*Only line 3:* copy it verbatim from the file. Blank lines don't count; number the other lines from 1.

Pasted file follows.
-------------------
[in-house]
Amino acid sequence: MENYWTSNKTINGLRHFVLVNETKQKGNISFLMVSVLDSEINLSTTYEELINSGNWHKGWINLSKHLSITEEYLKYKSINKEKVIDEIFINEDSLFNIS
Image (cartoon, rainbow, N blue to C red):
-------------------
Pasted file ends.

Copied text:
Image (cartoon, rainbow, N blue to C red):